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ARC Home > Projects > Major ARC events :
Ise, Japan, 2014 | Ise Jingu: The Grand Shrine at Ise | Ise 2014 - formal programme

Ise, Japan, 2014

Tradition for the Future: Culture, Faith and Values for a Sustainable PlanetIse, Japan, 1 – 5 June 2014

Programme for Ise

Delegate biographies

Press Release before Ise, May 23, 2014

The day an ancient taboo bowed out

Both Prince Charles and Prince Philip write to support ARC’s Japan initiative

ValuesQuest Launched at Ise by Olav Kjørven, Assistant Secretary General of the UN

See photos from the Ise event at the ARC Flickr page.

Traditions for the Future

A major gathering of ARC partners in Japan from May 31 to June 5, 2014, will be hosted at the Grand Shrine of Ise by Jinja Honcho in partnership with ARC.

The newly rebuilt Naiku shrine at Ise, dedicated to the goddess Amaterasu-omikami
The event, hosted by Jinja Honcho (the Association of Shinto Shrines) in partnership with ARC, comes just after the rebuilding of the entire shrine complex, which happens every 20 years and is a model of recycling and sustainability, albeit a slightly different model than the one commonly understood in the west. (All the materials are recycled. When the previous shrine was rebuilt 20 years ago some of the shrine materials went to the site of the Great Earthquake of 1995; this time some of the wooden structures are going to northern Japan, around Tohoku to help rebuild shrines destroyed during the 2011 Japanese tsunami.)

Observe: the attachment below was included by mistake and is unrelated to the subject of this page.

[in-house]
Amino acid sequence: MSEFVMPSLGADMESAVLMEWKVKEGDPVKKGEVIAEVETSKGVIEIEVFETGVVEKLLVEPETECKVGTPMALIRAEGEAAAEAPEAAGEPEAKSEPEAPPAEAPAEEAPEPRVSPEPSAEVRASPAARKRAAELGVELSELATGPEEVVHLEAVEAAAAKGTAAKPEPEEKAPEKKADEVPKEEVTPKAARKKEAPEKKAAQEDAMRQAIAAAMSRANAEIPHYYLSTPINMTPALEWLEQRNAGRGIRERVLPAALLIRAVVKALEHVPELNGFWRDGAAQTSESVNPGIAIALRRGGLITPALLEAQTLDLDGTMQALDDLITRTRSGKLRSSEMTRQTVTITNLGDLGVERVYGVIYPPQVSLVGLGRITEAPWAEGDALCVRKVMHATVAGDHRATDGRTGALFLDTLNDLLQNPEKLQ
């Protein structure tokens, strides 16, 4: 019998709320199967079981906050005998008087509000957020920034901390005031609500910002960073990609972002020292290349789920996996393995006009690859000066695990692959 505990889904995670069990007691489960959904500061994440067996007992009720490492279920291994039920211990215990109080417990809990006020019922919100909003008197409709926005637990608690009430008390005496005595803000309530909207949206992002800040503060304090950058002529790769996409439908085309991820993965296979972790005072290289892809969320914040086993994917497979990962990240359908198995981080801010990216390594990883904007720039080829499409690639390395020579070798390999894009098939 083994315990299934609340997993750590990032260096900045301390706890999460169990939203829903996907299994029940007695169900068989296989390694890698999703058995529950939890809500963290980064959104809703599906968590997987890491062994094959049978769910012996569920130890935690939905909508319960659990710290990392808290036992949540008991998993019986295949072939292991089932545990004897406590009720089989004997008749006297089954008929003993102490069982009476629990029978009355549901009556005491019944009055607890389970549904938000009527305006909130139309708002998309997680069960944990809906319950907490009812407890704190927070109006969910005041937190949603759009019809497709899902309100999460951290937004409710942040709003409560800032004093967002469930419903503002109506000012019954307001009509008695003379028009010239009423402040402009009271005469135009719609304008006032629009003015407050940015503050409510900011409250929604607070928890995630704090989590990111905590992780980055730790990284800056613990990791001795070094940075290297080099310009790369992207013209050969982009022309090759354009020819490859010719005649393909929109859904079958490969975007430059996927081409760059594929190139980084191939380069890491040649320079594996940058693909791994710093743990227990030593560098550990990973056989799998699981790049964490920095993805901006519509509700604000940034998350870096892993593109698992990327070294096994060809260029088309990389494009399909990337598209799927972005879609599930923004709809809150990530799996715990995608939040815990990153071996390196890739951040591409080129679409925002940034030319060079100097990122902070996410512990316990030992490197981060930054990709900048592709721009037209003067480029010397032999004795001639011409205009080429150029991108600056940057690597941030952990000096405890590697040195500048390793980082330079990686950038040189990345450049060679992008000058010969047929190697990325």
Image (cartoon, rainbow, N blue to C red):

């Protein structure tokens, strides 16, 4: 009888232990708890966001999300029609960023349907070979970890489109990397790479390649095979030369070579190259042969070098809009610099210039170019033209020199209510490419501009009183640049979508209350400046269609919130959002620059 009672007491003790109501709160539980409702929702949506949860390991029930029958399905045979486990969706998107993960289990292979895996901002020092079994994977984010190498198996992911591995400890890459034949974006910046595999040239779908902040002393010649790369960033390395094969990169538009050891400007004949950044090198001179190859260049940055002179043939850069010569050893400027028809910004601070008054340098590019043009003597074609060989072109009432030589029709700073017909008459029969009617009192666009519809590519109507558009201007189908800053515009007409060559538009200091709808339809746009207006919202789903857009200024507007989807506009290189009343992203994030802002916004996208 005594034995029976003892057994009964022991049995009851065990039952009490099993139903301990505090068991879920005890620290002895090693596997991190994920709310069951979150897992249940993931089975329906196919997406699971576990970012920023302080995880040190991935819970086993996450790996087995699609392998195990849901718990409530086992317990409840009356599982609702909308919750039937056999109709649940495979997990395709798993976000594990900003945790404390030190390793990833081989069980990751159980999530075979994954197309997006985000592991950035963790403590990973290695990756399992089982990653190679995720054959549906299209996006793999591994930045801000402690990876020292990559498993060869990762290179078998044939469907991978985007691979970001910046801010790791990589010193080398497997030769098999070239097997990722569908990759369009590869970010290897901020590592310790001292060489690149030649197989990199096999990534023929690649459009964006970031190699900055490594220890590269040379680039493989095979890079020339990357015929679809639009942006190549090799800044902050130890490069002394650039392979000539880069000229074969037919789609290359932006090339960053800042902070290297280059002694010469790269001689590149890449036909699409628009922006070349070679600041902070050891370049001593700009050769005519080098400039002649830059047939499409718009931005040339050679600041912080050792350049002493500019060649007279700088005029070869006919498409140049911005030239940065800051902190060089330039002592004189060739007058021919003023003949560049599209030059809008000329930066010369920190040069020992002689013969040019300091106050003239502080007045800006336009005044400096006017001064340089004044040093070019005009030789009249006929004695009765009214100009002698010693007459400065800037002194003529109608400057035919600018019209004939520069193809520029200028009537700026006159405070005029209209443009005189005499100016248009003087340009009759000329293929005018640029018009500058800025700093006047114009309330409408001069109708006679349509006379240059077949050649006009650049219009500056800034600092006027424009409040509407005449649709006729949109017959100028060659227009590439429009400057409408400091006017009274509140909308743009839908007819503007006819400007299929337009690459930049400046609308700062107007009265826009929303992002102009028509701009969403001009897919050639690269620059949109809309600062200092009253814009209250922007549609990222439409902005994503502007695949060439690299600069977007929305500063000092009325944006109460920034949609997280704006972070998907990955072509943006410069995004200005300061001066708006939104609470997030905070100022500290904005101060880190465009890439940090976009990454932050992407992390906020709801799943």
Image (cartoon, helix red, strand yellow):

The event

The event will open with a ceremonial procession of religious delegates through the Tori gate and across the great bridge, over the sacred Izuzu River, to the Grand Shrine of Ise.

Shinto is not a teaching faith, it is a showing faith, and this procession will embody the international opening up of Shintoism. This is the first time in known history that religious delegates will visit Ise in their robes and religious costume; this is also the first international conference that Jinja Honcho has ever held.

There will be a meeting of around 800 Shinto priests from all over Japan, discussing Shintoism's role as a leader in the protection of Japan's natural environment. The conference will be addressed by Her Imperial Highness, Princess Akiko, whose family members trace their descent from the Shinto goddess Amaterasu. Ise is the shrine of the Imperial family.

International delegates will take part in working groups planning the future development of the five major programmes ARC currently supports. There will also be a unique opportunity to contribute to the UN's next set of Sustainable Development Goals (SDGs), with a keynote address from Olav Kjorven, Assistant Secretary General at the UN for the Post-2015 process.

This is a historical event for Jinja Honcho and Japan

Historical context of the Grand Shrine

Ise is the ‘spiritual home’ of the Japanese because at its heart is the Grand Shrine of Ise. Here the sun goddess Amaterasu has been worshipped for over 2,000 years. The Imperial Family of Japan trace its descent from her and so this is not just a shrine for Shintoism but also an Imperial Shrine. This is why we will be joined by Her Imperial Highness Princess Akiko of Mikasa.